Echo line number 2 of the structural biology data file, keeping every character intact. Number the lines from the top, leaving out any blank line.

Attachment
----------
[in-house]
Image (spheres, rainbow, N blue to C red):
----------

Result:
Image (spheres, rainbow, N blue to C red):